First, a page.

About This ProjectParkinson’s disease (PD) is a progressive, neurodegenerative disorder that affects movement, muscle control, and balance as well as numerous other functions. Approximately 1.5 million people in the U.S. suffer from PD. The pathology of PD is characterized by the accumulation of a protein called a-synuclein into inclusions called Lewy bodies in neurons. We recently found what might initiate the formation of a-synuclein inclusions and are looking how we can prevent this process.
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What is the context of this research?
We want to investigate whether the ability of gamma-synuclein to induce alpha-synuclein aggregation that we observed in vitro plays a role in human brain and may be an important step in the development of various NDDs. As a first step we will use the samples of brain from patients with various NDDs, for example, PD, Alzheimer’s disease with Lewy bodies and dementia with Lewy bodies in order to reveal whether a-synuclein and oxidized g-synuclein are colocalized in parts of the brain where deposits are usually found. For this purpose we will use antibodies to a-synuclein and oxidized g-synuclein.
This research is risky in the sense that it is a hypothesis based on previous research that has been conducted in vitro. If that is successful, we will know at least one mechanism initiating the formation of protein inclusions. Then we will test whether oxidized g-synuclein is able to trigger the formation of aggregates and inclusions of other proteins, such as amyloid beta and Tau (Fig. 2). For this purpose we will use in vitro aggregation assays and cell models.
What is the significance of this project?
If successful, the results obtained will help to understand what initiates the aggregation of proteins causing the formation of toxic inclusions in human brain. Furthermore, this project may provide a new marker, since synucleins are present in cerebrospinal fluid (CSF) and the analysis alpha-synuclein and oxidized gamma-synuclein in CSF may be an important diagnostic tool for early stages of NDDs.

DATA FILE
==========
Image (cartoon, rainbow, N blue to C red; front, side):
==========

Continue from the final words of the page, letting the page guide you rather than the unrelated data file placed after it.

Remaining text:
What are the goals of the project?
The total cost for this experiment is $12,000. On the first step the experiments with immuno- fluorescence will be conducted in our laboratory in collaboration with the Department of Pathology, Kansas University Medical Center. The brain slices from patients with Parkinson’s disease, Alzheimer’s disease with Lewy bodies and dementia with Lewy bodies are available in this department. We will need to purchase antibody to alpha-synuclein and gamma-synuclein as well as reagents for sample fixation and preparation for microscopy. On the second step we will conduct experiments in vitro in order to reveal whether gamma-synuclein initiate aggregation of other naturally unfolded proteins, for example beta-amyloid and Tau. For these experiments we will need to purchase commercially available recombinant proteins.
An exciting aspect of this project is the ability for me to conduct an interesting research outside the traditional research system. This is only possible because of the recent development of Microryza and Science Exchange. Microryza will allow me to raise the funding required to conduct the project, and Science Exchange provides me with access to an expert scientist to conduct the lab experiments required. It is exciting to think of the potential for all kinds of people to begin to conduct research projects using a strategy like this.
We need to purchase antibody to alpha-synuclein and gamma-synuclein as well as reagents for sample fixation and preparation for microscopy. We will also need recombinant amyloid beta and Tau proteins to test their aggregation and fibrillation in the presence of oxidized gamma-synuclein. Thioflavin T should be purchased to measure fluorescence of amyloid fibrils. Salts for buffer preparation will be also purchased.
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Figure 1. Protein deposits in neurodegenerative diseases. (a) Senile plaques in neocortex of AD. (b) NFTs in hippocampus of FTDP-17(R406W mutation). (c) LB in substantia nigra of PD (d) Intranuclear polyglutamine inclusion in neocortex of Huntington disease. (e) Ubiquitinylated inclusion in spinal cord motor neuron of ALS. (f) Protease-resistant PrP in cerebellum of CJD.
Figure 2. Naturally unfolded proteins are prone to aggregate. Amorphous a-synuclein inclusions in transgenic mice overexpressing a-synuclein (top) and in control animals (bottom)
Figure 3. Confocal image of Lewy bodies.
Figure 4. Cartoon illustrating a- synuclein (red) and g-synucleins (green). Methionine 38 (M38) and tyrosine 39 (Y39) in g-synuclein are located in non-structured exposed to oxidation sequence. Oxidized g-synuclein aggregates and initiate aggregation of a-synuclein. C-terminus in a-synuclein is longer than in g-synuclein.
Figure 5. Growth of a-synuclein fibrils and formation of LB. g-Synuclein initiates aggregation of a-synuclein.
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